The 2000 AFC Asian Cup for Uzbekistan was a whitewashed moment, in a terrible way as it became Uzbekistan's worst ever performance in many major competition. Grouped again with Japan, Saudi Arabia and the new opponent Qatar, Uzbekistan was dumped in the bottom once more, with two devastating losses to Saudi Arabia and Japan, alongside its 1–1 draw to Qatar.

2004 AFC Asian CupEdit

Uzbekistan failed to make further impact on the continental stage until they reached the last eight of the 2004 Asian Cup, topping their group after winning all matches, where they were beaten by Bahrain after a penalty shoot-out.

2006 FIFA World Cup qualificationEdit

That performance was followed by an victory over Iraq in the second qualifying round for the 2006 World Cup in Germany, with goals from Maksim Shatskikh and Alexander Geynrikh sending them through to the last eight.

They were knocked out in the final stage of the Asian qualification to the 2006 World Cup after losing on the away goals rule to Bahrain. The result was subject to controversy as actually three games were played; the first, a 1–0 win for Uzbekistan, was wiped out after FIFA declared the result void after a mistake by Toshimitsu Yoshida, a Japanese referee.[4] The replay ended 1–1, and after the return finished 0–0, Uzbekistan were eliminated.

2007 AFC Asian CupEdit

In the 2007 Asian Cup, Uzbekistan was able to get past the group stage by beating Malaysia 5–0 and China PR 3–0. However, Uzbekistan was knocked out of the tournament in the quarter-finals by losing to Saudi Arabia 2–1.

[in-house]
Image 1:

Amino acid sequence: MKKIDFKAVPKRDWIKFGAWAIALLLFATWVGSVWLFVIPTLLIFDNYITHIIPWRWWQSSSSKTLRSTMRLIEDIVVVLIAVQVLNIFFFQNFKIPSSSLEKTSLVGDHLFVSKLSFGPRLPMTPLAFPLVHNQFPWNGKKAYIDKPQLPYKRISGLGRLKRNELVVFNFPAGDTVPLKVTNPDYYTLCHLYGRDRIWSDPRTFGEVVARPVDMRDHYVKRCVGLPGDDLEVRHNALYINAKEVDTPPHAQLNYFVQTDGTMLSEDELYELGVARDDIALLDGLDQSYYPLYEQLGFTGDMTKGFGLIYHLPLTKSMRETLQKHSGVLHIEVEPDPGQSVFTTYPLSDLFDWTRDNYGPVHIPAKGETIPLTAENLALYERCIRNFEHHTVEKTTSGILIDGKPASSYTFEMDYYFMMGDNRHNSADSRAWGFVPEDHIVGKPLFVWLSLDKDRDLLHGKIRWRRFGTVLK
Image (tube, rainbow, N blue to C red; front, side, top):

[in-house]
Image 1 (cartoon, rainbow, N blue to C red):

2010 FIFA World Cup qualificationEdit

 
Supporters of the national team during an qualification match for the 2010 World Cup against Japan, at Pakhtakor Stadium, in Tashkent

After having three foreign coaches (German Hans-Jürgen Gede, Englishman Bob Houghton and Russian Valeri Nepomniachi) in three years, Uzbekistan turned to former Uzbekistan Olympic team coach Rauf Inileev. During qualification for the 2010 World Cup, Uzbekistan advanced to the fourth round of the Asian qualifiers after winning their first four matches, but finished last in Group A of the final round behind favorites Australia, Japan, Bahrain and Qatar, with four points from eight matches.

2011 AFC Asian CupEdit

 
Uzbekistan at the 2011 AFC Asian Cup.

Four years later, in the 2011 Asian Cup, Uzbekistan ended in fourth place, their best result in the tournament so far. After getting past the group stage and quarter-finals, the Uzbek team lost what it might have been their first Asian Cup final when Australia thrashed the team 0–6 in their semi-final game. Some days later, they were defeated again by South Korea in the third place playoff.[5]

2014 FIFA World Cup qualificationEdit

In qualification for the 2014 World Cup, Uzbekistan advanced to the fourth round of the Asian qualifiers after winning their group in the third round over perennial favorites Japan. Uzbekistan finished with 16 points (five wins and one draw), which was more than any other team in the third round, including an impressive 1–0 away win against Japan.

In the fourth round of the qualifiers, Uzbekistan finished third in Group A behind Iran and South Korea. Uzbekistan had the same number of points as South Korea (14 points), who had a better goal difference by one goal.